Contracts exist to provide a formal, written agreement with regards to an exchange of promises made. Because of the complex nature of contracts and the sensitive matter it addresses, many laws have been created to address most of the problems or issues that arise from entering into a contract. One such legal doctrine created regarding contracts is the recognition of mail as a reasonable form of acceptance, and that the person accepts whatever is mailed on the day that it is dropped in the mailbox and postmarked. This is referred to as the mailbox rule. This rule was initially established in the 1800s, and is continued to be observed and recognized as a rule of law until today.
The mailbox rule applies not only to legal documents, such as civil summons, but also includes payments with regards to insurance premiums. This means that payment of insurance premiums is essentially a form of acceptance of the contract that comes with the insurance.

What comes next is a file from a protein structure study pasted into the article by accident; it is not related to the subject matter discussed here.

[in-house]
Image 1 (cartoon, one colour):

The mailbox rule can also be referred to as the postal acceptance rule, the posting rule, or the postal rule. All refer to the same general principle. The extent of the application of the mailbox rule is limited to acceptances. Thus, a rejection letter is not considered to be valid on the date it is postmarked. It is important to take note of the mailbox rule whenever entering into contracts. It is usually placed in a separate provision entitled as it is, and provides for the exact details as to when an acceptance is considered an acceptance.